Big Life & VR (Legacy)

Public Health Multi-Platform

Big Life started out as a simple set of calculators: you can go online and calculate your levels of sodium, or your life expectancy. Or both. But when the Ottawa Hospital Research Institute approached us about doing a redesign, a whole ecosystem was born.

Prototypes are some of the best things in the world to develop. We provided some deep design research and insights that showed examples of how to surface and track user data, using a combination of a responsive website, mobile applications and sensor inputs. We didn’t want to overwhelm the users with lots of itty bitty information, so we kept the calculator simple, engaging and easy to use. Ultimately, we provided a combination of services, from early concepting and storyboards all the way through to defining the interaction design and visual tone for the brand.

It’s true – measuring sodium and thinking about life expectancy is pretty serious business. But that doesn’t mean the tools have to be.

An Immersive Narrative Experience (R&D)

This project combines our passion narrative with our virtual reality and emerging technologies expertise. It’s virtual reality, positional/motion tracking, volumetric depth mapping, Voxel and 3D Modeling in a fully immersive experience. The viewer (donning a VR headset) follows a single storyline, but can see and feel it from different characters’ POVs.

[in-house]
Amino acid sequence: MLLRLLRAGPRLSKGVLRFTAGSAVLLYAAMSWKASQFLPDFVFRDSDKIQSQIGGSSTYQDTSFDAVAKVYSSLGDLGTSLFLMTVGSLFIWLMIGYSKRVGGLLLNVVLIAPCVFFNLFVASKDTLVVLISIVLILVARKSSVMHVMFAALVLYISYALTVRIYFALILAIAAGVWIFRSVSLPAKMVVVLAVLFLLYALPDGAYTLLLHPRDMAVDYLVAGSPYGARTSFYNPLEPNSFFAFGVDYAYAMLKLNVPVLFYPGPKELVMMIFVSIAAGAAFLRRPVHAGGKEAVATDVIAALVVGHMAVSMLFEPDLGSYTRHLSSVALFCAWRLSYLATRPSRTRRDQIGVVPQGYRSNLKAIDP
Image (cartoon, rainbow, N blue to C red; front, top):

To allow seamless ‘mind swapping’ between the characters, we developed an interactive targeting system that allows instantaneous swaps, without relying on overtly gamifying the content. One thing we have become aware of through this exciting project: the sheer amount of data is prohibitively expensive, so one aspect of our approach is to limit and bring down the requirements for the experience to run optimally on lower-end hardware – democratization of VR!

The experience is also intended to provoke discussion around the use of VR systems for everyday work and play - how and what would the wearer interact with? Would there be a deep use of gesture-based interactions? How do we get around the lack of tactile feedback? How do we infer the relation of the object in a 3 dimensional depth-of-field? While we do not have definitive answers yet, exploring the medium brings us ever nearer.

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